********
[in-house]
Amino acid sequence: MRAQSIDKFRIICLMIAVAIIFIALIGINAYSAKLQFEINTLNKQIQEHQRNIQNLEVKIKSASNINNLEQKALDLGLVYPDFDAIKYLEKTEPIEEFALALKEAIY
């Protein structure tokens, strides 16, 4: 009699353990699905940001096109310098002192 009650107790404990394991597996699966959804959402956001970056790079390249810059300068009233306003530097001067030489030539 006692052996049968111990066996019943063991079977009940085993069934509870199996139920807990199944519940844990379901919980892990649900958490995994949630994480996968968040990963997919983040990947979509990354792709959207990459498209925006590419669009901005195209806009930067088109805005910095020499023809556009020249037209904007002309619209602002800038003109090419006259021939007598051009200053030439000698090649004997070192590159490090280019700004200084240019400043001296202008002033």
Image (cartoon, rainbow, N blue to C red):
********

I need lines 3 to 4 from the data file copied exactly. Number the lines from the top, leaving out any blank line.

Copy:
């Protein structure tokens, strides 16, 4: 009699353990699905940001096109310098002192 009650107790404990394991597996699966959804959402956001970056790079390249810059300068009233306003530097001067030489030539 006692052996049968111990066996019943063991079977009940085993069934509870199996139920807990199944519940844990379901919980892990649900958490995994949630994480996968968040990963997919983040990947979509990354792709959207990459498209925006590419669009901005195209806009930067088109805005910095020499023809556009020249037209904007002309619209602002800038003109090419006259021939007598051009200053030439000698090649004997070192590159490090280019700004200084240019400043001296202008002033």
Image (cartoon, rainbow, N blue to C red):